Jeffrey Bernstein Ph.D.

Ten Homework Motivation Strategies for Children and Teens

Use these 10 strategies to end the homework wars..

Posted September 6, 2015 | Reviewed by Ekua Hagan

When it comes to homework, parents get burnt out hearing these hollow and suspicious words: "I did it at school," "They didn't give homework today," "It hardly counts for my grade," "My teacher never looks at my homework anyway," "That assignment was optional." As parents, hearing these words is enough to drive you crazy.

As I write in my book, 10 Days to a Less Defiant Child , parents must not let their emotions get the best of them when their kids are not getting homework done. The strategies below are for helping your child or teen get unstuck:

  • Nix the nagging! Pestering creates an adversarial, shaming dynamic that backfires. Instead, try my Calm, Firm, and Non-Controlling approach. Gently empower your child or teen by supportively saying, "I see that you are frustrated. Let's think of ways to help you get back on track with your homework/schoolwork."
  • Encourage effort over perfection. Be mindful that kids tend to get intimidated when they have a hard time understanding material. They may get into negative self-talk like, "I can't do this." Even if they're truly thinking this way, parents may instead hear comments like, "I hate this." or "This is stupid." Remind your child or teen that doing his best effort is better than not doing it at all.
  • Prioritize. Coach and encourage that the order that homework is done based on urgency, complexity, and workload. At the same time, realize that some students do better by starting with easier tasks and that this can help spark them to tackle more demanding assignments.
  • Break it down. Reinforce breaking up homework time into manageable chunks and encourage taking regular breaks. Encourage moving around and walking away for a bit. Remind that an apple really does provide the same effect, and is healthier than an energy drink.
  • Think "15 minutes of pain." Have the student set a timer for only 15 minutes. Keep it lighthearted and explain that even if it "hurts" doing the work, she can stop after 15 minutes. Like most things in life, once we push ourselves and get going, it's not so bad.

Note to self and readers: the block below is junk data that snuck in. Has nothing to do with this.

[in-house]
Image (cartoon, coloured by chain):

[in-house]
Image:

• Don't be consequence ravenous. Imposing consequences for homework not being done can backfire with defiant behavior. If you use consequences, don't present them with yelling. Keep them reasonable and ask the student to help you be able to move towards rewards (don't go overboard) and minimize consequences. Remember that real, natural consequences are the best motivators.
  • Encourage connection. Encourage the student to make or re-establish a connection with his teacher. I have seen hundreds of kids "shoot themselves in the foot" with incomplete homework if they don't have a decent relationship with their teacher.
  • Change up the homework/study surroundings. Try putting an inspirational poster by the desk, moving to a different room, or silencing the cell phone. New changes can create more changes.
  • Use those study halls. Encourage the use of them as much as possible. Some kids lose sight of that more done at school, means less to do at home.
  • Allow for some fun. Notice if your student is racing through the homework just to have fun. Fun time like, TV, phone time, or surfing the web, is welcome, but make sure you put limits on it.

Jeffrey Bernstein Ph.D.

Jeffrey Bernstein, Ph.D. , is a psychologist and the author of seven books, including 10 Days to a Less Defiant Child.

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  2. Tips To Help Children Enjoy & Complete Homework

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  3. How to Help your Kids do Their Homework

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  4. Child Doing Homework

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  5. 5 Tips To Helping Your Kid With Their Homework

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  6. Little Boy Doing His Homework

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VIDEO

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COMMENTS

  1. Ten Homework Motivation Strategies for Children and Teens

    This avoids any assignments being turned in late. Make sure kids have some downtime: After a long day of school and activities, kids need a bit of downtime before digging into homework. “Most kids need at least a half hour to unwind,” Dolin suggests. This downtime helps kids recharge and increases their ability to focus.